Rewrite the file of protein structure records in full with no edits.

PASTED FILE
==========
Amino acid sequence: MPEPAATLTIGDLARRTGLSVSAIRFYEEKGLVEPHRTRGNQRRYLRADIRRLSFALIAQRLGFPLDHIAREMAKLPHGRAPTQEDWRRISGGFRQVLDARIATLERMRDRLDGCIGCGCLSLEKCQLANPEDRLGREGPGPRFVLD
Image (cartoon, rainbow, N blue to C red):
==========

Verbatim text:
Amino acid sequence: MPEPAATLTIGDLARRTGLSVSAIRFYEEKGLVEPHRTRGNQRRYLRADIRRLSFALIAQRLGFPLDHIAREMAKLPHGRAPTQEDWRRISGGFRQVLDARIATLERMRDRLDGCIGCGCLSLEKCQLANPEDRLGREGPGPRFVLD
Image (cartoon, rainbow, N blue to C red):